Montana’s Fish, Wildlife & Parks Commission is planning a major expansion to the state’s upcoming wolf season, and has recently opened the plan to public comment. The new regulations will lengthen the hunting season, allow taking of wolves near bait, and increase personal bag limits to five wolves, nearly twice the limit from the previous season.
According to Reuters, the aim of the Commission is to reduce the state’s current population of an estimated 635 wolves.
“Our overall goal is to get wolves in balance with the rest of the critters on the landscape as well as landowner tolerance,” said FWP spokesman Ron Aasheim.
Montana was one of the first states where the wolf was delisted from federal protections, and one of the first to implement a wolf management season. The action was highly controversial at the time and sparked off a debate exists to this day, especially with Michigan legislators’ recent decision to allow a wolf season. The U.S. Fish and Wildlife service is currently considering removing the gray wolf from the Endangered Species List for the rest of the country. This move is caused in part by the recovery of the species, which is once again causing conflicts with humans, wild game, and livestock.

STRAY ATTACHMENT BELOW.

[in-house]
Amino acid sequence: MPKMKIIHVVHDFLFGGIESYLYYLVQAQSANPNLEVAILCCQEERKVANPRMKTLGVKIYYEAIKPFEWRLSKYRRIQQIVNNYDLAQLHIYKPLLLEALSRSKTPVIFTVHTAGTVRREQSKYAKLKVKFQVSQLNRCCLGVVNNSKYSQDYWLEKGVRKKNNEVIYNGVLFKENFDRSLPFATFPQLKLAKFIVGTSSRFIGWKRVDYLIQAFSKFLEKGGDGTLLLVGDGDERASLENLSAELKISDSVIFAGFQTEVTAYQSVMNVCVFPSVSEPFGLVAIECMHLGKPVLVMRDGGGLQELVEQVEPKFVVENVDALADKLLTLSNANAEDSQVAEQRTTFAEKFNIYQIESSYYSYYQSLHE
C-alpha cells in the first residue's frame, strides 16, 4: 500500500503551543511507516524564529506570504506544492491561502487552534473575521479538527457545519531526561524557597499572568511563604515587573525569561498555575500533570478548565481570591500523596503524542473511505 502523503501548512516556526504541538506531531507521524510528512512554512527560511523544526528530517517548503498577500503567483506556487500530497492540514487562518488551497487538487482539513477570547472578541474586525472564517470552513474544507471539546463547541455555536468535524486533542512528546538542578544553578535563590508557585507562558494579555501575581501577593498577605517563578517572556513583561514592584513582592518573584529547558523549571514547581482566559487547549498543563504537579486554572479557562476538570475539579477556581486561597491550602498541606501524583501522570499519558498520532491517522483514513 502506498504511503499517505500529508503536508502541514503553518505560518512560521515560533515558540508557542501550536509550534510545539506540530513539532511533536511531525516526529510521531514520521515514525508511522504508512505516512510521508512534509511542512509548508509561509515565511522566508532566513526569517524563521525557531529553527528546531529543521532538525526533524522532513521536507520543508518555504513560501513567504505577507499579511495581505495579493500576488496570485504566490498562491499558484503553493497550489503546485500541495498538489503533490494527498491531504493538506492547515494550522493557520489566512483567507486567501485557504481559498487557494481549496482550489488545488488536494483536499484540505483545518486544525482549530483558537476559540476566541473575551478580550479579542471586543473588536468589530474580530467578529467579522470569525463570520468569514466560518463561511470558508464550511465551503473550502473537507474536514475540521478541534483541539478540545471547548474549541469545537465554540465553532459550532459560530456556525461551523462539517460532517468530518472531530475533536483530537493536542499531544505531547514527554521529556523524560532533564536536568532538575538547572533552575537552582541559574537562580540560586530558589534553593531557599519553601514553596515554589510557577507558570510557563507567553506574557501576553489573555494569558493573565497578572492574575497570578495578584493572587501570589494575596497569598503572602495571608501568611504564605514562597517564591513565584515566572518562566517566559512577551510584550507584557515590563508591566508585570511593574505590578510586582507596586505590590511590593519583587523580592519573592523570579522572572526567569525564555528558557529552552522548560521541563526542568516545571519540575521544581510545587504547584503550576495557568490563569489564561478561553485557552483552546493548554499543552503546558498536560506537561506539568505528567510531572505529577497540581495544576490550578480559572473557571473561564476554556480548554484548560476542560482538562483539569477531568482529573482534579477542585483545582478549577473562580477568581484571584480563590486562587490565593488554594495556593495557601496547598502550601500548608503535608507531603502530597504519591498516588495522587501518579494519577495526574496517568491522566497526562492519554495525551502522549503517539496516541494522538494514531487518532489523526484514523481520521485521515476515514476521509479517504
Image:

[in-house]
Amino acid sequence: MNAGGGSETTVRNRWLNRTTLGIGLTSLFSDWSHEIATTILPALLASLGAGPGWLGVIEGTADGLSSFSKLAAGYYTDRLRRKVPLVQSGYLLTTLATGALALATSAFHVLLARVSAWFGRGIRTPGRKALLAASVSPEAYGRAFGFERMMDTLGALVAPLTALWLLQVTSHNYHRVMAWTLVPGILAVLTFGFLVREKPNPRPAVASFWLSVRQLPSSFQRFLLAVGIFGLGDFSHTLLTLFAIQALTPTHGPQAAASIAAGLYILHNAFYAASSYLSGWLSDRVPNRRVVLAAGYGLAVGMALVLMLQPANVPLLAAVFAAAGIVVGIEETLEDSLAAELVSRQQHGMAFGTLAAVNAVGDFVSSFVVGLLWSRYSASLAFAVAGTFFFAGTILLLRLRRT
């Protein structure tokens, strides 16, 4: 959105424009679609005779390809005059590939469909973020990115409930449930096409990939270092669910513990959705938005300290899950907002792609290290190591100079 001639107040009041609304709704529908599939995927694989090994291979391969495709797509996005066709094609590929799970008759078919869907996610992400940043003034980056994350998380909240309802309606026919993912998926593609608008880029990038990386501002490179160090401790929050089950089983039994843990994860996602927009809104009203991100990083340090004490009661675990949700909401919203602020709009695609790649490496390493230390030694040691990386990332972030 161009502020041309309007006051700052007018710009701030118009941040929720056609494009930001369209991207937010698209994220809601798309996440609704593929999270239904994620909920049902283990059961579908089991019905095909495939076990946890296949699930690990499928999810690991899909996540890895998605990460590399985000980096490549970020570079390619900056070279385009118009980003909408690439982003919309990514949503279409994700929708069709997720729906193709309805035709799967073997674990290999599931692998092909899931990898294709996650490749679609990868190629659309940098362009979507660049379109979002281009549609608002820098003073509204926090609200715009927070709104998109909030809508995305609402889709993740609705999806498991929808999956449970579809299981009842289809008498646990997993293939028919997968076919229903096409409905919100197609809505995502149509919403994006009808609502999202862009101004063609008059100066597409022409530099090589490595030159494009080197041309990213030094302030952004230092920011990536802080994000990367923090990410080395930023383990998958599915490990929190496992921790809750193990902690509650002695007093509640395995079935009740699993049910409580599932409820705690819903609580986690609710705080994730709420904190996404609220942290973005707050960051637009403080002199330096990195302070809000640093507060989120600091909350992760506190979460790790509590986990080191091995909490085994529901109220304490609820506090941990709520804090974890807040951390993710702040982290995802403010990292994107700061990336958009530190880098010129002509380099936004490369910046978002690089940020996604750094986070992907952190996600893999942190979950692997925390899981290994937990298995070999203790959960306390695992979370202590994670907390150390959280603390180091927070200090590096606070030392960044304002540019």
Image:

Gray wolves were nearly extinct in their native ranges until recent conservation efforts, which brought back their numbers to 1,674 animals in the Northern Rockies alone. Animal rights activists argue that the species is not sufficiently recovered and can be vulnerable to over-hunting.
Wildlife agencies and hunters welcome management seasons to keep the wolf population in check, and the five states with wolf seasons–soon to be six with the inclusion of Michigan–are currently analyzing data taken from past seasons.
More information on the proposal can be seen here.
Image courtesy National Park Service